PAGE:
1. Lists. I write lists religiously. I’m not even joking, anytime inspiration strikes and it’s something that needs any sort of planning, I will scramble until I have a pen and a notebook in my hands. Sometimes the list is little more than single words jotted on the paper without any connection, and it’s like a game afterward to figure out what was going on in my head. Other times, I go into great depth for what I’m thinking.
I live by lists in a way. They are the easiest way for me to get what’s in my head out, so that not only is it there so I don’t forget about it, I can also stop dwelling on it. New story idea? Write a list. Write anything that comes to mind, but get it on paper or in a file on the computer so it’s not lost in the chaos that is my everyday life.
I do this for when I’m writing as well. When I’m stuck on a scene, that’s what I do (aside from cranking some appropriate tunes to get the juices flowing). Mind you, when it comes to writing, the list is always relevant to what I’m working on at the time. Either way, they help me stay organized. I have lists of plots and characters and scenes and anything you can think of in files on my computer so that it’s easy to go back and find something if I can’t remember or need more details and know they are there.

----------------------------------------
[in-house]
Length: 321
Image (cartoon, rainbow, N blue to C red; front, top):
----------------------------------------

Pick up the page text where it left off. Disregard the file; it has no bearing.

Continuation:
Lists I use a lot? Weekly to do list, daily to do list, list of blog posts I want to write, names I want to use for characters, settings I want to use, things I need to make, things I want to draw, blah blah blah. You get the point.
2. Agenda/Planner. This was something that was drilled into me in high school, and I’ve clung to it since. I keep a physical planner for writing down the aforementioned lists. I may not use it every day, but I do try to use it any day that I’m working on several projects so that I can check off what’s done and take note of what else there is to do. This isn’t something I let dictate my life, but I do use it as a guideline for what I’m doing for the week. This goes right along with the lists I use so often.